The phrase, “business gets done on the golf course” is true; from the fairways to the 18th green there are plenty of opportunities to close a deal. However, new opportunities can be lost just as quickly as they came if not handled properly. It’s important to make sure you’re doing everything you can to seal the deal just as you would in the boardroom.
Sound intimidating? It shouldn’t! Making deals on the green creates evergreen connections that will stand the test of time. To avoid losing out on business opportunities and potentially wasting a round of golf, here are some tips for nailing it.1. Arrive Early
Regardless of how prepared you are for business conversations and potential pitches, if you’re late, that could set the whole thing off on the wrong foot. Being on time might as well be considered late in this situation because arriving early will allow you to find your playing partners, put your clubs on the golf cart and collect yourself. Your promptness to the course sets a precedent for how you will treat the business relationship, and being late is an unacceptable way to kick that relationship off.2. Pay for the Round
Continuing with the theme of respecting your potential client’s time and company, paying for the round is another way to show that you mean business. The client is your guest and this is one of the best ways to show that. If they insist on paying, you don’t want to reject them but let them buy a round of drinks after the round. Let them know up front how much you value the relationship and the time you’re spending with them.
3. Be Patient
Be patient with the business discussion. The first tee isn’t the best spot for talking about the bottom line. Get the golf going for a bit first and find out what you need to know about your client as a golfer. Then, when you're mid-round and they're loosened up, comfortable, and most importantly, enjoying themselves, it may be acceptable to start talking business. However, the last thing you want to do is force business talk, go with the flow of the game and let your driver drive the conversation.
4. Play Your Game
Play your game but also gauge the intensity level of your playing partner. If the client is trying to size you up by playing a match, give them your best. Ultimately, they will respect that you give them exactly the same in a business partnership.
5. Be a Generous Playing Partner
Along with gauging your client’s intensity level, it’s important to gauge the intensity level of overall play of the round. Try offering “mulligans” and give plenty of gimmes (from a reasonable distance) on the greens. This can let loose some steam on the intensity of the round and remind all parties that a potential business relationship is more important than golf.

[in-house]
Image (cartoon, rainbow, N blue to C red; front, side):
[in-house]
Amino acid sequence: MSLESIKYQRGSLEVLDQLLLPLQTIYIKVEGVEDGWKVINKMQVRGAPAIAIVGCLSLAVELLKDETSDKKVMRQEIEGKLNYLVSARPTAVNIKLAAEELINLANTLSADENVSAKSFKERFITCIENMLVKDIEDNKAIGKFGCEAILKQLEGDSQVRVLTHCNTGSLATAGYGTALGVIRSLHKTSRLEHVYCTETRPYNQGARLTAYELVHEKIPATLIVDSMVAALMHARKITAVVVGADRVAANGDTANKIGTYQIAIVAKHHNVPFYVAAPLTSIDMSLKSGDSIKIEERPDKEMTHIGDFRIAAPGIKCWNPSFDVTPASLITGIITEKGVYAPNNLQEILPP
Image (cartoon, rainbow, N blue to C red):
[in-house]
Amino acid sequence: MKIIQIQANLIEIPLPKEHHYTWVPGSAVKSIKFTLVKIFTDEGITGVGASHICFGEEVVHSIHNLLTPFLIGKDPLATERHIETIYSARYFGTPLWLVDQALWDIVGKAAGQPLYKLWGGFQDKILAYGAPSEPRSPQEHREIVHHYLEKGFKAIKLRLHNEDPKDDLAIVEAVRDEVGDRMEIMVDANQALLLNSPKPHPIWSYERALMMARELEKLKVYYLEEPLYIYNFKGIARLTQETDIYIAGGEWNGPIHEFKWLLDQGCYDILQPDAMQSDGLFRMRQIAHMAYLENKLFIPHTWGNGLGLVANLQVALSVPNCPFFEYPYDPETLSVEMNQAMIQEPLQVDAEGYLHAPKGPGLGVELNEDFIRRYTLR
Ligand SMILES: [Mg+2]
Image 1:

6. Play Ready Golf
Play ready golf and keep things moving. The proper pace of play will make the afternoon of golf fun and not feel like a six-hour business meeting. Let your client take their time, but make up for it by picking up your pace. Yet another way to keep tabs on the day and keep things moving in a positive direction.
7. Refrain from Drinking
You want your wits about you when you are trying to impress your potential business partner. If they insist on drinking, you may want to join in so as not to turn them off, but it should be at a minimum. You want to stay in control because drinking too much is the fastest way to forget all the other etiquette tips you should be employing.
8. Keep Your Emotions Intact
Golfing with your buddies is much different than golfing with a potential business partner. It’s important to keep your emotions intact. Swearing after a missed putt or throwing a club further than your drive won’t help you expand your client list. A cool head on the course, particularly amidst adversity, can demonstrate your ability to do the same in a business relationship.
9. Play for the 20th Hole
Finally, the round ends, but you’re hoping the business relationship doesn’t. Don’t feel pressured to finalize business deals as you walk off the 18th green. As Bill Storer, president of Business Golf Strategies, says in Golf Magazine, “Play for the 20th hole.” A post-round follow-up note or thank you letter will put you right back in front of the customer.
Feeling more prepared for your next business meeting on the green? We sure hope so! Etiquette is important for keeping a business deal from going south quickly, but remember, the round of golf is meant to be the foundation starter of a professional relationship and a snapshot of what your potential client can expect from you. So, be yourself but with these tips in mind.
Photo Courtesy CityVisions.